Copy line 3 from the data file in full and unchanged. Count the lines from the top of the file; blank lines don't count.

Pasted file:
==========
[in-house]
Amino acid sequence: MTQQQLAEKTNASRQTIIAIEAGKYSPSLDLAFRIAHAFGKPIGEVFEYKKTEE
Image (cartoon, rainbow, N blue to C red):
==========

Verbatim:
Image (cartoon, rainbow, N blue to C red):